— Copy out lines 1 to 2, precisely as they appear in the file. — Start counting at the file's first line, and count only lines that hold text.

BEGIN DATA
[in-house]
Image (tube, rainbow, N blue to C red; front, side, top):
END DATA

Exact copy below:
[in-house]
Image (tube, rainbow, N blue to C red; front, side, top):